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Open Rapport in the Cockpit Is Essential to CRM

Crew resource management (CRM) has come a long way since the National Aeronautics and Space Administration introduced the concept in 1979.

CRM is more an outlook, an attitude and a method than it is a technical skill. It teaches the interpersonal acumen needed to safely and efficiently fly an airplane using all available resources: crewmembers, hardware, air traffic control, workload management and more. It helps ensure situational awareness, when the pilot not only knows where the airplane is and where it's going but also has an overview of the entire operation.

Communication and Collaboration

After a series of deadly commercial crashes several decades ago, the airlines promoted CRM to break down an old-school barrier to safety: cockpit communication. Back then, the captain was more dictator than director, and everyone else followed his lead.

Much of that one-way style of flying evolved from the early days of commercial aviation, because the military was the biggest source of airline pilots. Military training came with a good dose of autocratic decision-making, particularly from former military pilots who mostly flew single pilot.

Today, piloting is a more collaborative endeavor. The Air Florida Boeing 737 that crashed into the 14th Street Bridge over the Potomac River after departing Washington National Airport during a snow shower on January 13, 1982, is an example of a flight where better CRM could have made a difference. While several factors contributed to the tragedy that killed 70 passengers and four crew members, one fact stands out: The first officer repeatedly told the captain the engines were not performing as the aircraft accelerated on the runway. The captain insisted things were normal and continued the takeoff. The National Transportation Safety Board concluded there was enough time to abort.

Currently, most commercial pilots are trained at civilian schools, where CRM is introduced immediately and continues to be stressed throughout the curriculum, producing pilots better suited to cockpit collaboration. And while the accident rate is substantially lower than it was 30 years ago, studies by the Federal Aviation Administration and other organizations show that 75 percent of aircraft accidents are still caused by human error – in other words, by people, not the plane.

That's why CRM has now branched out to not only include pilots but also flight attendants, maintenance technicians, schedulers and dispatchers, management and anyone responsible for flight safety. The concept is even catching on outside aviation and is now used by fire departments, the marine industry and in the medical community to ensure patient safety.

That widespread philosophy is part of the culture at Chantilly Air in Manassas, VA, where all employees receive CRM training. The training gives employees an appreciation and understanding of other people's jobs within the company and creates good workplace cohesion, noted Andreas Bentz, Chantilly's safety and security coordinator. Assuming leadership responsibility, along with following direction – whether it's a mechanic changing a tire or a manager making a strategic decision – is also part of the company's CRM training, he explained. "It's for everybody," said Bentz. "Everything we do is CRM."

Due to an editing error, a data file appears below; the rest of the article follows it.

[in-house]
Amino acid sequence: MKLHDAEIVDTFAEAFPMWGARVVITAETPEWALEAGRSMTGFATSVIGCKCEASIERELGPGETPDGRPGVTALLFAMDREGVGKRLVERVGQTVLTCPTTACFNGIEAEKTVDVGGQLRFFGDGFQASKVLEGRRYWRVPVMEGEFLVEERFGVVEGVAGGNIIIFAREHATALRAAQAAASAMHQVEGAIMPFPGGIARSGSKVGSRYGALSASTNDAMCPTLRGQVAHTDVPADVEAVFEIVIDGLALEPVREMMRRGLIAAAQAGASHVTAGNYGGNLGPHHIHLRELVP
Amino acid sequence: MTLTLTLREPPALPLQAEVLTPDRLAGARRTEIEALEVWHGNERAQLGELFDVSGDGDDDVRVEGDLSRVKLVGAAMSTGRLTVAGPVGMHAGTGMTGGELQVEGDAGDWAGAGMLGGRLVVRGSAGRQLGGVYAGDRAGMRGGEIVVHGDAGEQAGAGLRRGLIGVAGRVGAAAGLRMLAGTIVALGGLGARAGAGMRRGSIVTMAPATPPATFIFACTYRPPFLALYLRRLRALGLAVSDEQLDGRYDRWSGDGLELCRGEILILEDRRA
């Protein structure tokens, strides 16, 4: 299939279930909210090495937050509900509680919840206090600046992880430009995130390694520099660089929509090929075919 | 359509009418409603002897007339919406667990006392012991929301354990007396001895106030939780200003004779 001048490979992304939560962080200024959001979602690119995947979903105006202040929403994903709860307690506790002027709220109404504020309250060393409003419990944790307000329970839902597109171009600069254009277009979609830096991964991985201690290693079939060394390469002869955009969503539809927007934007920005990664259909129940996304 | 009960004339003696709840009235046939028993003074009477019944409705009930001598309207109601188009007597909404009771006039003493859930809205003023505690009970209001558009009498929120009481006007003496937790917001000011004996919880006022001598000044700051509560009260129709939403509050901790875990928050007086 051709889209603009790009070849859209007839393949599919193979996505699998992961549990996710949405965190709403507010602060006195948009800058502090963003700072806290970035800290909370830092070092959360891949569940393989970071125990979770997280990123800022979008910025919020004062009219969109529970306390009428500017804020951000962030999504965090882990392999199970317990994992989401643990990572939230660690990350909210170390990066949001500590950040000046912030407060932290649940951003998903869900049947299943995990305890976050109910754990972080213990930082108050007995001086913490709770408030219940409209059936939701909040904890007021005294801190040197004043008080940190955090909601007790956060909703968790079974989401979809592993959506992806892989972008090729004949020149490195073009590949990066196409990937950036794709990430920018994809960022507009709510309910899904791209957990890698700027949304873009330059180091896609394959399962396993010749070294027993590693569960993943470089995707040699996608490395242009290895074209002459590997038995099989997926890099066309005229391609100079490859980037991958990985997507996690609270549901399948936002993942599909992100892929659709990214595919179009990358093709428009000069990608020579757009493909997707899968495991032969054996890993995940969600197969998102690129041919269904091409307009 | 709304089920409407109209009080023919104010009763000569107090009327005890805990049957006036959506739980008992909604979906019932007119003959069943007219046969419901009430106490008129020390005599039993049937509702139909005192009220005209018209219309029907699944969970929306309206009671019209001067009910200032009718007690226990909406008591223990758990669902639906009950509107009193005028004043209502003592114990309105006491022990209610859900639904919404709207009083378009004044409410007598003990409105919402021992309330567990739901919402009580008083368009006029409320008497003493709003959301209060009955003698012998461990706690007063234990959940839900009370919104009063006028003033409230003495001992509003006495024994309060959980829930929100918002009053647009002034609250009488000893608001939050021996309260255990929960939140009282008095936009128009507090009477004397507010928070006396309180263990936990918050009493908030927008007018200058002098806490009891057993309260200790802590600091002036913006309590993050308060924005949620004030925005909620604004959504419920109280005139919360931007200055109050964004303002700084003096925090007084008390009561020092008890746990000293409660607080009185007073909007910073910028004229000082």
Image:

Crew Briefings Mitigate Risk

While business aviation embraces CRM and integrates it into all areas of training, some operators approach the concept from many directions, going well beyond what's required for safety.

At Linear Air, a Concord, MA charter company, there's no single-pilot flying, said President and CEO William Herp, despite the company's history of operating Cessna Caravans and Eclipse very light jets – aircraft that are certified for one pilot. Herp said two-pilot operations, with standard callouts and standard operating procedures, not only increase safety, but also facilitate easy crew transitions and help the company participate in the ARG/US Gold safety program.

Planning is also paramount at Jet Logistics, a Charlotte, NC operator of 14 aircraft, including seven air ambulances, according to chief pilot Kevin Sides. Before each flight, the crew discusses what to expect, the risks involved and precautions to take. "It takes pressure off the captain when each person knows what to do," he said. CRM is an instinctive part of the daily operations, "not just a class taught once per year."

Thorough crew briefings and attention to detail are high priorities at The Hertz Corporation, which maintains a small flight department in Teterboro, NJ. It's not uncommon for a crew to meet the day before a trip, particularly for an international flight, and discuss every procedure, requirement and contingency and continue that discussion.

"We make it a habit to share information while we're flying," said Hertz aviation manager Skip Keeler. "There's a constant dialogue during the trip."

Preflight discussions are a formal procedure called "active crew engagement" or ACE, as it's called at Citationair, said John Witzig, the company's senior vice president of flight operations. Threat identification and air management training are big parts of Citationair's CRM, particularly for departures and arrivals, when heavy workloads pose the greatest safety risk. The training has reduced altitude deviations 17 percent, he added.

Open rapport in the cockpit is a central component of Lincoln Financial Group's CRM, according to Larry Brown, the company's chief pilot. "We ask everyone to speak up if they're not comfortable with something," he said.

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